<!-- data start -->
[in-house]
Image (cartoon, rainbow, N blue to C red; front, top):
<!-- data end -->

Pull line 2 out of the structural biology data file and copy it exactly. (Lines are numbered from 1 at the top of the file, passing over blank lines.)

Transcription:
Image (cartoon, rainbow, N blue to C red; front, top):